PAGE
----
Christian Mayer's Weblog

C++ Factory Class

As I wrote in my previous blog post, I’m about to re-write my Ruby Wallet project in C++17. See WalletCpp on my GitHub profile.

I want to use best practice and the latest standard C++17. So no raw pointers anymore. You should get rid of your raw pointers in your C++ code. You can do almost everything the same way using smart pointers.

Let’s assume you want to create a Command Factory to produce Command objects from a given name. You need a base class that every command class will derivative from.

Let’s dive straight into the code.

class Command; // Base class

class AddCommand : public Command {};
class EditCommand : public Command {};
class DeleteCommand : public Command {};

In this example above we have 3 commands: Add, Edit and Delete.

We will be able to get a new Command object for a specific name. For the purpose of this post I assume that the header file is already guarded.

// command_factory.hpp
// already guarded

#include <string>      // for std::string
#include <map>         // for std::map
#include <functional>  // for std::function

class CommandFactory final
{
public:
  static void setup() noexcept;
  std::unique_ptr<Command> getCommand(const std::string&) const;

private:
  static bool isSetup;
  static std::map<std::string, std::function<std::unique_ptr<Command>()>> creators;
  };
};

Here the corresponding implementation file:

// command_factory.cpp

void CommandFactory::setup() noexcept
{
  if (isSetup) {
    // Run setup only once.
    return;
  }
  isSetup = true;

  // Clear creators.
  creators.clear();

  creators["add"] = []()->std::unique_ptr<Command> {
    return std::make_unique<AddCommand>();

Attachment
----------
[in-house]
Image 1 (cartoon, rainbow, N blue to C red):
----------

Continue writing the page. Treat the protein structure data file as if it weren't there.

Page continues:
};
  creators["edit"] = []()->std::unique_ptr<Command> {
    return std::make_unique<EditCommand>();
  };
  creators["delete"] = []()->std::unique_ptr<Command> {
    return std::make_unique<DeleteCommand>();
  };
}

std::unique_ptr<Command> CommandFactory::getCommand(const std::string& _name) const
{
  auto fn = creators[_name];
  if (fn == nullptr) {
    throw (std::string{"Command not found: "} + _name);
  }
  return fn(); // Call lambda and return new unique pointer.
}

// Private
bool CommandFactory::isSetup = false;
std::map<std::string, std::function<std::unique_ptr<Command>()>>
  CommandFactory::creators;

The setup() member function will only add lambda functions to a <string,function> map. At this point we do not create new objects. Only lambda function. New objects will be created when getCommand() is called.

You can now we use it. First, setup the factory:

CommandFactory::setup();
CommandFactory factory;

Then new commands can be created using a name:

auto addCommand = factory.getCommand(std::string{"add"});
auto editCommand = factory.getCommand(std::string{"edit"});

In this example we use a fixed string to create a new command. A more realistic example:

auto command = factory.getCommand(commandName);

Where commandName has a dynamic value and you do not know which object command holds. See how I used a Factory Class in my WalletCpp project.

Posted on .
Categories: Programming
Tags: C++, Factory, Smart Pointers, Raw Pointers, Lambda

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